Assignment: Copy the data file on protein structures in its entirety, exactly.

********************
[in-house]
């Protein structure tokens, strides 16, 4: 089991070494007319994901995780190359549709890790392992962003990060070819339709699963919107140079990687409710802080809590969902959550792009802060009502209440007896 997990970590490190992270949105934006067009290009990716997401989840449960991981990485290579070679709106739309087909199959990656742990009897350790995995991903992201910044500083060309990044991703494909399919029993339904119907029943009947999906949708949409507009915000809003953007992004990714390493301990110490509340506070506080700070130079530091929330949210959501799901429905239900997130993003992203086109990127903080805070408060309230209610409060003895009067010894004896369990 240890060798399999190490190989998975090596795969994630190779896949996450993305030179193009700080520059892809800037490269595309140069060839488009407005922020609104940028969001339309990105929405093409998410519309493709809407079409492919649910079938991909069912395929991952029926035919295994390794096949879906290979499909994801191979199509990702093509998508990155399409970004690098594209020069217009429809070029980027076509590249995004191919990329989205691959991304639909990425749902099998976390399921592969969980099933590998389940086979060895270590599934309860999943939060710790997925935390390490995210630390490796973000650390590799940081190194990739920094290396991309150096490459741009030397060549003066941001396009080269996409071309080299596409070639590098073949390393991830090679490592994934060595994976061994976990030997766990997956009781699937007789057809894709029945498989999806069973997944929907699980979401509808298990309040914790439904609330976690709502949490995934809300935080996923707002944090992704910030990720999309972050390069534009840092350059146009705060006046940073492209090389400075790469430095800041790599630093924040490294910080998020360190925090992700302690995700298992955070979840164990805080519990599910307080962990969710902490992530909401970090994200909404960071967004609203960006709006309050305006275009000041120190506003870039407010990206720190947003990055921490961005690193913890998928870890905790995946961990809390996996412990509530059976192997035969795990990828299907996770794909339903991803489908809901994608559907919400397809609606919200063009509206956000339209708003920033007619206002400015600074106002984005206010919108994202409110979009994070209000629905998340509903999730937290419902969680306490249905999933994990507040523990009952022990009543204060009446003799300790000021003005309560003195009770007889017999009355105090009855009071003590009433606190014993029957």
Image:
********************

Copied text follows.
[in-house]
């Protein structure tokens, strides 16, 4: 089991070494007319994901995780190359549709890790392992962003990060070819339709699963919107140079990687409710802080809590969902959550792009802060009502209440007896 997990970590490190992270949105934006067009290009990716997401989840449960991981990485290579070679709106739309087909199959990656742990009897350790995995991903992201910044500083060309990044991703494909399919029993339904119907029943009947999906949708949409507009915000809003953007992004990714390493301990110490509340506070506080700070130079530091929330949210959501799901429905239900997130993003992203086109990127903080805070408060309230209610409060003895009067010894004896369990 240890060798399999190490190989998975090596795969994630190779896949996450993305030179193009700080520059892809800037490269595309140069060839488009407005922020609104940028969001339309990105929405093409998410519309493709809407079409492919649910079938991909069912395929991952029926035919295994390794096949879906290979499909994801191979199509990702093509998508990155399409970004690098594209020069217009429809070029980027076509590249995004191919990329989205691959991304639909990425749902099998976390399921592969969980099933590998389940086979060895270590599934309860999943939060710790997925935390390490995210630390490796973000650390590799940081190194990739920094290396991309150096490459741009030397060549003066941001396009080269996409071309080299596409070639590098073949390393991830090679490592994934060595994976061994976990030997766990997956009781699937007789057809894709029945498989999806069973997944929907699980979401509808298990309040914790439904609330976690709502949490995934809300935080996923707002944090992704910030990720999309972050390069534009840092350059146009705060006046940073492209090389400075790469430095800041790599630093924040490294910080998020360190925090992700302690995700298992955070979840164990805080519990599910307080962990969710902490992530909401970090994200909404960071967004609203960006709006309050305006275009000041120190506003870039407010990206720190947003990055921490961005690193913890998928870890905790995946961990809390996996412990509530059976192997035969795990990828299907996770794909339903991803489908809901994608559907919400397809609606919200063009509206956000339209708003920033007619206002400015600074106002984005206010919108994202409110979009994070209000629905998340509903999730937290419902969680306490249905999933994990507040523990009952022990009543204060009446003799300790000021003005309560003195009770007889017999009355105090009855009071003590009433606190014993029957």
Image: